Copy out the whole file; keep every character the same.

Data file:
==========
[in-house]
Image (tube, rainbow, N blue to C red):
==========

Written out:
[in-house]
Image (tube, rainbow, N blue to C red):